Mental Health Stigma Among Singapore's Medical Students

The stigma surrounding poor mental health in Singapore has been an issue for years; but awareness and understanding of mental illness are noticeably improving. However, for nursing students and medical students in Singapore, some elements of social stigma still remain. Thanks to a recent cross-sectional study, experts have access to more data about the way this kind of ignorance or intolerance affects young students in the medical field.

Definition of Stigma

According to the study, the definition of stigma is “a mark of shame, disgrace or disapproval that results in an individual being rejected, discriminated against and excluded from participating in a number of different areas of society.” With this study, the researchers planned to find out how the discrimination and prejudice reveals itself among the next generation of nurses and doctors.

The Group of Participants

The study surveyed 502 medical students and 500 nursing students from April 2016 and September 2016. The participants included 71% females. All students were citizens or permanent residents of Singapore, but by ethnicity there were 75.2% Chinese, 14.1% Malays, and 10.7% Indians or another ethnicity.

Most Have a Desire to Help

The research team found that most healthcare students in Singapore generally feel positively towards those with mental illness. Rather treating patients with disdain or rejecting them, the students would be inclined to reach out and help these people.

The Remaining Stigma

However, the study revealed some prejudice and stigma. Around one-fifth of the participants claimed that they wouldn’t want anyone with mental illness to work with children, even if the condition was being treated and managed. This response is associated with the idea that mentally ill people are unpredictable or dangerous, that they might engage in behaviours that could put kids at risk.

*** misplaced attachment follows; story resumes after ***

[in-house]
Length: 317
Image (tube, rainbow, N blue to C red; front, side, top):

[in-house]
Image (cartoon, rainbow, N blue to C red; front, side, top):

The Importance of Nurses

Around 30% of the nursing students responded that they felt there wasn’t much they could do to help people with mental illness. They seemed to have a lower view of their role, responsibilities, and importance when compared with the medical students. It’s important for professors to communicate to the next generation of nurses about how vital their role is, and the amazing part they can play in effecting change in a patient’s life.

Mental Health in Singapore Medical Students

What about the mental health of the students themselves? According to the study, the students were hesitant to reveal anything about their own mental health. When asked if they would seek help for mental health from a psychiatrist in Singapore, around 30% expressed reluctance. This could be a warning sign, since medical professionals are often under a lot of stress and are themselves at risk for developing mental health issues.

Help for Medical Professionals with Mental Disorders

Are you in the medical profession? Even as you care for your patients, take time to care for yourself and your own mental health in Singapore. Visit a mental health professional in Singapore to discuss any issues you may be having with depression, anxiety, stress, anger, addictive behaviours, or other urges. At Adelphi Psych Medicine Clinic, your visit and your treatment will be completely confidential. With the help of a trained psychiatrist in Singapore, you can get an early diagnosis and start treatment before your condition becomes worse.

You can always make an appointment at Adelphi Psych Medicine Clinic – Psychiatrists and Psychologists for Mental Health in Singapore to talk to someone or make an appointment by calling 62509833 or submitting your details in our contact form .

Article by Adelphi Psych Medicine Clinic Blog Team

Source: The study can be downloaded here.